- A 2009 study found drinking and exercise appear to go hand in hand
- Moderation is the key, experts say
- Drinking dehydrates you and can affect your sleep
Training for a race means making sacrifices like going to bed early and putting aside hours on the weekends for long runs.
But what about your precious after-work glass of wine? Would you be willing to give it up?
We took an informal poll of the TIME staffers who are currently training to run half-marathons in the fall. None of them cut out drinking completely, but they did cut down, and they all said they curbed their consumption before longer runs.
"When I'm training for a race, I generally do not drink as a rule. On occasion -- if I'm not running the following day -- I might have a glass of wine or beer with dinner, but I try to avoid it as much as possible," says Liz Ronk, LIFE.com's photo editor, who is training to run Grete's Great Gallop, a half-marathon taking place in New York City's Central Park on October 14. "From past experience, I've found that drinking alcohol equals a sluggish workout the following day." (Stay tuned for ongoing updates and tips from our race-training TIME colleagues throughout the summer.)
Opinions among other running devotees vary: some say there's no room for alcohol in their training plan, but others feel that their post-run brews are a well-deserved treat.
Interestingly, a 2009 study found that drinking and exercise appear to go hand in hand. The study of more than 230,000 men and women showed that alcohol drinkers were 10% more likely to participate in vigorous exercise than abstainers, and that heavy drinkers worked out 10 minutes more than moderate drinkers each week and 20 minutes more than non-drinkers.
So, what's the healthiest thing to do? Everyone enjoys happy hour now and again, but does regular drinking do anything to derail your training? As usual, moderation is the key.
"If your drinking regime includes a glass or two of wine at dinner or the occasional beer on a Friday evening, that's not going to be a problem," says Hal Higdon, author of "Marathon: The Ultimate Training Guide." "It's a problem when you go out on a Friday evening and hang out at a bar for three hours and throw down a half a dozen bottles of beer."
According to Higdon, there are a couple of reasons alcohol hurts your body during training:
Booze makes your body thirsty
"Drinking dehydrates you, and you're in danger particularly when it's a hot day," says Higdon. Excessive drinking can also reduce your muscle blood flow which weakens them. Running when your legs are feeling a hangover could lead to injuries.
"You cannot perform well when you're drunk, and you might still be the next morning," he says.
Many races offer runners a celebratory beer after the run, but although completing a distance event is well worth celebrating, Higdon says alcohol isn't the ideal prize for athletes. "It compounds the dehydration," he says. "(Races) offer the drinks because the runners like it and (the race) can get sponsorship money. It's not as bad as having a cigarette company sponsor a race, but it might be the next worst thing."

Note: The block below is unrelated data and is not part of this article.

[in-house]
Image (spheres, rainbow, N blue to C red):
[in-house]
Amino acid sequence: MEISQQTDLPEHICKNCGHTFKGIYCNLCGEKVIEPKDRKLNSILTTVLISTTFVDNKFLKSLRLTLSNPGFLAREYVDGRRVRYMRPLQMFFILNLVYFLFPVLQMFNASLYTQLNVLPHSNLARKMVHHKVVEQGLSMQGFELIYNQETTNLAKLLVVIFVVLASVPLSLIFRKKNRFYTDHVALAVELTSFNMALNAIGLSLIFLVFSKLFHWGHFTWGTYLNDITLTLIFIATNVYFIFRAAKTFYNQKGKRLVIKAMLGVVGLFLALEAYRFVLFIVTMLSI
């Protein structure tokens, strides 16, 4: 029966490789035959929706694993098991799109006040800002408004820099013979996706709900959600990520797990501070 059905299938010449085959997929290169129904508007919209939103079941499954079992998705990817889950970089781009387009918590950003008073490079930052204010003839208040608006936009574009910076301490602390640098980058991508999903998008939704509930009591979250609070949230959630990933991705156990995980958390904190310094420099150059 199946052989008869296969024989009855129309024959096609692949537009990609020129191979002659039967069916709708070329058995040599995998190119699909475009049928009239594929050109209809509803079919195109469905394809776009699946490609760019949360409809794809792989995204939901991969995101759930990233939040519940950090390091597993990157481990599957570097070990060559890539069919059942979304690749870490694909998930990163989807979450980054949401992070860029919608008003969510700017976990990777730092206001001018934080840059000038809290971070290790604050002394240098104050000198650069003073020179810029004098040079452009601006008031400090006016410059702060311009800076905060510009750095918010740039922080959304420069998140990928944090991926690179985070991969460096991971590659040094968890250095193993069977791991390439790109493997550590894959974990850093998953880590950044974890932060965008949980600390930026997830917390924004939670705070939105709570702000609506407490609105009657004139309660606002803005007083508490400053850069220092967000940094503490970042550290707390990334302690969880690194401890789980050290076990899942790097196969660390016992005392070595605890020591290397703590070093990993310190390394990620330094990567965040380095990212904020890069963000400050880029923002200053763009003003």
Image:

If you're craving the taste of a refreshing beer post-race -- or while you're training -- Higdon advises runners to consider a non-alcoholic brew.
A 2011 study from the Technical University of Munich found that among men training for the Munich Marathon, those who drank non-alcoholic beer reported fewer illnesses and less inflammation than men who drank a placebo, suggesting that downing the occasional nonalcoholic beer could ease marathon recovery.
Why? That's not clear, but the authors speculated that the beverage might offer some healing powers because of its antioxidant compounds called polyphenols, which naturally prevent cell damage and boost immunity.
Drinking throws off your sleeping schedule
You need to be in tip-top shape when you're training, and sleep deprivation can alter levels of important hormones as well as the body's production of antibodies, which fend off illness. "Sleep loss is another (negative) factor that comes from drinking," says Higdon.
"When you're training for a marathon, you likely need extra sleep. If you have an early training run after a night out, you're not going to be able to train well."
By not getting adequate sleep, you run the risk of getting sick, which could not only interfere with training, but could even sideline you on the big day.
Not to mention that disrupted sleep throws your body's circadian rhythm out of whack, and over time, that can put you at higher risk of diabetes, weight gain, heart attack and even breast cancer.
Bottom line: you don't have to cut out all alcohol when you're training, but it's a good idea to limit your consumption and abstain before running days.
"There are basic lifestyle changes that you benefit from during training," says Higdon. "Less drinking is one of them, less smoking is another, as is losing weight. Research suggests that a marathon lifestyle can add six to nine years to your life."